ATHENS - It was in Macon last year, if you recall, that a fan challenged Richt and he uttered the infamous "I know what the hell I'm doing" line.
The mood was a bit lighter on Tuesday, as Mike Lough writes.
In fact, during the latter part of a question-and-answer period, a fan asked if Richt was going to give fiery defensive coordinator Todd Grantham "a chance to cross train by putting him in the sky box when we play Vanderbilt."
That was a reference to last year's postgame exchange between Grantham and Commodores head coach James Franklin.
"Yeah, he may need to go upstairs," Richt said, before adding about Grantham. "You know what, I think the Bulldog Nation likes a little piss and vinegar."
(Does that qualify as cursing? If so, then Richt made it two years in a row in Macon.)
Turning serious, Richt elaborated on the Grantham-Franklin brouhaha.
"We all as coaches have to set the right tone and that kind of thing. But it was an interesting exchange, I'll say that," Richt said. "I don't think we'll have much trouble getting jacked up to play the Vanderbilt Commodores this year, I'll tell you that."
There was one somewhat-confrontational question on Tuesday, towards the end of the Q&A: A fan told Richt that in the Outback Bowl he felt the Bulldogs "took our foot off the gas," leading to the overtime loss, after leading 16-0.
"I don't think we took our foot off the gas," Richt responded. "I think that Michigan State certainly came out and did a good job in the second half. I don't think anybody was trying to strategically take the foot off the gas pedal in the second half."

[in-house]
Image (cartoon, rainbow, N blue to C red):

Richt then came around in his decision in overtime to take a knee and set up a field goal attempt for Blair Walsh. It missed, giving the Spartans more life, and they ended up winning. Richt (sort of) defended his decision, along with an interesting tidbit about what it would have meant for Walsh.
"I kind of knew what was at stake on that kick. I knew the game was at stake. I knew if he made that kick he broke the record in the Southeastern Conference for the most points in the history of not only the SEC but college football," he said. "I still, maybe to a fault believed he was gonna knock it through. And so at the end, could I have been more aggressive as a head coach and as a play-caller to try to score a touchdown or be more aggressive to get it more close to the goal-post to do that. In hindsight that probably would have been a good idea.
"But also you throw the ball downfield and it gets picked, and you could've kicked to win the game, then everybody thinks you're a dummy for that too. The bottom line is you win you're smart, and you lose you're not very smart. The bottom line is we didn't finish."